"I sacrificed a hell of a lot in that time - from a diet, a rehab and a recovery point of view," Maharaj said. "I was making sure I was getting eight to ten hours of sleep every night; and I put my family under pressure because in terms of diet, I had to make sure I ate certain things. And I had to make sure I ate on time, and things like that."
There was no miracle diet, but Maharaj's focus on eating was to ensure he could build and maintain muscle in difficult circumstances.
"Because Keshav is vegetarian, we had to make sure he was increasing his protein intake, as proteins are the building blocks of muscle," Manjra said. "There were some modifications to his diet to make sure he got adequate nutrition."
Maharaj also did not stop training. Even while still wearing a moonboot, Maharaj concentrated on upper-body strength and core work, and then began to use an anti-gravity treadmill at the rugby academy. The machine was developed in the 1990s by biomechanics researchers at NASA, who wanted to help astronauts working at the International Space Station, and who were at risk of losing bone density and muscle mass.
Essentially, it encloses the lower part of the body in an airtight chamber, which allows an athlete like Maharaj to train his legs without bearing weight, and slowly increase the weight-bearing as they become more able.
Maharaj was given a weekly training program, and had to submit regular reports. Athmanand recalls the medical staff being "stunned" by his son exceeding his goals on each occasion. That's when Maharaj himself knew he was healing.
"When you see how slow the initial phases of rehab are, you have a negative thought here and there. But at four months, when I started to walk in the moonboot, then I pushed myself beyond certain levels that I don't think most people would have been able to do," Maharaj said. "At five months, I started to believe once I started to run again. I realised the dream is reality. Once I started bowling in that period, the belief never left me."
All the while, there was one golden opportunity which lay ahead, one which Maharaj did not want to pass up.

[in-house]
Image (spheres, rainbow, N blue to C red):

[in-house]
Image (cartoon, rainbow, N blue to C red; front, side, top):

"The World Cup was a big thing for me. I've played in two T20 World Cups, but 50 overs is very hard on the body," he said. "That's something I wanted to experience. I always like to challenge myself. I plotted the way. At three months, I probably wouldn't have said I'd get here. But my medical team gave me the best chance.
"And then seeing as I was very close to the World Cup, it meant everything to want to play. My forefathers are from India, so I want to go back there and try to do something special. That was the motivation I needed."
Athmanand, who has watched Maharaj play in India before, admitted that when he heard his son's name mentioned at the World-Cup squad announcement, "it was so emotional". Although he now finds himself in charge of the renovations for the house Maharaj bought during his period of injury, Athmanand doesn't mind the extra work "because Keshav is going there to live out his dream".
Not just his. Maharaj recognises that the story of his successful recovery could encourage anyone who finds themselves on the sidelines.
"As a professional cricketer, you want to be a role model," Maharaj said. "So for any guys with long-term injury, there is hope at the end of the tunnel."
Already, South Africa's ODI captain Temba Bavuma has hailed Maharaj as an inspiration and proof that hard work pays off. For those close to Maharaj, it's not really a surprise that he went the extra mile. He is known to be one of the fittest members of the squad, one who runs the 2km time trial as quickly as in 6 minutes and 20 seconds - the standard is 8:30 - and who prides himself on his commitment to being the best he can be.
"That's Keshav - he left no stone unturned," Athmanand said. "Nothing is a barrier for him. He is a warrior."
Fitting then that it was the tendon named after the great Greek hero that threatened to derail Keshav Maharaj's career, but that he didn't allow it to and became the champion of his own story.